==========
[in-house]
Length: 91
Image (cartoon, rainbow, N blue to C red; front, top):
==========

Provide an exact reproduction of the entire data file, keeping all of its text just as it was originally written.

[in-house]
Length: 91
Image (cartoon, rainbow, N blue to C red; front, top):